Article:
Testosterone Therapy and Prostate Cancer

New review paper by Abraham Morgentaler, below.

"The saturation point corresponds with maximal androgenic stimulation at 250 ng/dL."

He's stating, effectively, that at a testosterone [T] level of 250 ng/dL, one could raise T to 500, or even 1,000 ng/dL, without "adding fuel to the fire", as some fear.

The other part of that is that during the IADT 'vacation', as T climbs from near zero, the stimulatory effect on PSA levels off before T reaches 250 ng/dL.

The irony is that many men don't get much beyond that, & as Freedland has stated, castration lasts well beyond the on-phase of IADT.  It can take more than 6 months for T to recover, & it rarely reaches the previous high.

-Patrick

ncbi.nlm.nih.gov/pubmed/271...

Urol Clin North Am. 2016 May;43(2):209-16. doi: 10.1016/j.ucl.2016.01.007.

Testosterone Therapy and Prostate Cancer.

Davidson E1, Morgentaler A2.

Author information

1Men's Health Boston, Department of Surgery (Urology), Harvard Medical School, 200 Boylston Street, Suite A309, Chestnut Hill, MA 02467, USA.

2Men's Health Boston, Department of Surgery (Urology), Harvard Medical School, 200 Boylston Street, Suite A309, Chestnut Hill, MA 02467, USA. Electronic address: dr.morgentaler@menshealthboston.com.

Abstract

Changes in understanding regarding the relationship of androgens and prostate cancer have led to changes in the use of testosterone therapy. The evidence supports a finite ability of androgens to stimulate prostate cancer growth, with a maximum achieved at low testosterone concentrations, called the saturation model. The saturation point corresponds with maximal androgenic stimulation at 250 ng/dL. Evidence is reviewed herein regarding the relationship of testosterone to prostate cancer and the relatively new practice of offering testosterone therapy to men with a history of prostate cancer. Although no prospective controlled trials have been performed, results have been reassuring.

Copyright © 2016 Elsevier Inc. All rights reserved.

KEYWORDS:

Androgens; Hypogonadism; Prostate; Prostate cancer; Prostate-specific antigen; Testosterone; Testosterone deficiency

PMID: 27132578 [PubMed - in process]

7 Replies

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  • The procedure of participating in testosterone replacement therapy (TRT) continues to be a questionable practice, and I see Morgantaler's remark (if the above is his remark) "Although no prospective controlled trials have been performed, results have been reassuring" poses the necessity of "prospective controlled trials" to settle this issue once and for all. 

  • does any one understand what is said in the above article, or is it just me that doesn't get it

  • Joe,

    PCa cell division involves a number of factors, but most people focus on the role of the androgen receptor [AR].  For cell divission to occur AR has to bind with androgen.  Morgentaler says that there is enough testosterone [T] in the body, so that every AR in every PCa cell can have androgen bound to it, when T > 250 ng/dL.  The normal range starts at 350 ng/dL.

    Morgentaler's saturation theory states the amount of T that a man has above 250, is irrelevant in terms of stimulating PCa.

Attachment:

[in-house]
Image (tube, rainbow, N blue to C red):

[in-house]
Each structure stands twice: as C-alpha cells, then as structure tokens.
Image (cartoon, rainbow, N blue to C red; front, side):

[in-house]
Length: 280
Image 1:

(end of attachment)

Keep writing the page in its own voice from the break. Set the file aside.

As Chuck stated, this is a controversial topic.

    For background on Morgentaler, read:

    lifeextension.com/Magazine/...

    lifeextension.com/Magazine/...

    -Patrick

  • thank you Patrick, but it is beyond my pay grade 

  • Now, I'm a bit confused. I'm on Lupron full time now. When I was on vacation from it, my uro said that my PSA would be at nil. I understood that as meaning near zero, or there about. But, all my blood work came back at near 5, consistently. And, I only had one or two T labs done.

    So, my question is, what is nil?

    Joe

  • If you have PCa and your T is at castrate level, why would you want to risk fueling the Fire,   yes I realize that after a level above 250 or more is considered saturate levels but I still don't understand way someone would want that. That's like saying my T is a 20 that all my cancer needs so way not boost it to 600. I don't get it. I guess I could say I feel fantastic to bad it's killing me.

  • The premise behind intermittent ADT is that QOL improves during the off-phase as T climbs.  T recovery is slow, & men who were hypogonadal (or borderline) before ADT, might not get much above 250 during the recovery.  Meanwhile, men who get above 400, say, experience the full benefit of the off-phase.

    Doctors don't care how fast or how high T climbs.  The idea is to monitor PSA & switch back to the on-phase when it gets up to a certain level.  That being the case, why shouldn't T be rapidly restored?  Treatment can be reversed at any point.

    Dr. Myers has a series of vblog posts on durable remission.  In the IADT off-phase, PSA is expected to rise.  Myers says that with a short on-phase, the ADT 'vacation' is invariably very short.  Ideally, the off-phase will be much longer than the on-phase.  e.g. 12 months on ADT followed by >2 years vacation might be considered a success.

    The length of the vacation is important, since there is a limit to how many times the cycle can be repeated before castrate resistance occurs.  For a durable remission, Myers is therefore aiming for a very long off-phase.  He has actually said that, ideally, in a durable remission, men will have normal T.

    Dr Myers has stated that the rate of PSA change in his patients is unaffected by T above 350 ng/dL.  Which means that by the time a man exits the hypogonadal range (<350), PSA behavior has become predictable, i.e. one can calculate the PSA doubling time.  [Morgentaler puts the cut-off much lower at 250.]

    -Patrick

     

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